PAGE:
Worrying has become a total epidemic in our world.

We worry about what others think of us.

We worry about how we make people feel.

We worry about the future.

We worry about the past.

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We live in constant worry about things large and small, and this constant stress negatively affects us physically, emotionally, and mentally.

Our worries feel like they have a purpose—they represent a form of control over the uncontrollable. We think our worrying will prevent a disaster or help us solve a problem. Yet it often does the opposite.

The more I worry about being late, the more red lights I hit. If I’m relaxed, it’s smooth sailing. Have you ever noticed this?

Our thoughts guide our experience, and when we're fixated on problems, the solutions seem to disappear. Excess stress also makes us likely to get hit by “coincidences” that manifest our worries into reality.

Here are four tips to help you stop worrying as much so you can relax and enjoy your life:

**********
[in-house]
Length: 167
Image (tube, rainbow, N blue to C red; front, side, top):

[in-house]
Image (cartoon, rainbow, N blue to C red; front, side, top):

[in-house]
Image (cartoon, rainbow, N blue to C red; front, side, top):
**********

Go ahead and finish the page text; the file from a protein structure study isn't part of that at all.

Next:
Plan for the worst-case scenario.
 

1. Have a plan in place.

You can’t control anything outside of yourself—you can only prepare yourself for what's to come. If you’re worried about the future, plan for the worst-case scenario. What would you actually do in the event that your fears are realized? This can feel a little weird, but when you know what actions you'll take, you can start to trust that you’ll be able to rise to the occasion.

2. Minimize reading and watching negative news.

There’s nothing wrong with keeping up with current events or your favorite show on Netflix, but be conscious of the type of media you're ingesting. Lots of negativity will fill your mind with worry and make you see the world as a dangerous, evil place. Positive, inspiring stories will allow you to focus more on the good in the world. You choose what you allow into your mind.

3. Talk or write it out.

Worry stems from perception. When you overanalyze what you’re worrying about, your mind can go deeper and deeper into a dark spiral that's hard to get out of on your own. Writing it down or talking it out with someone you trust will help you access new, more solution-oriented perspectives.

4. Pay attention to what you can control.

Whether you’re worrying about something you said, what someone is thinking about you, or what could happen in the future, you are placing all of your attention on things that you absolutely cannot control and putting unnecessary stress on your nervous system in the process.

You can put an end to the cycle by focusing on what you can control. Do you need to apologize? Do you need to show yourself some more compassion and respect? Do you need to plan? Focus on what you can control, and the worry will naturally dissipate.

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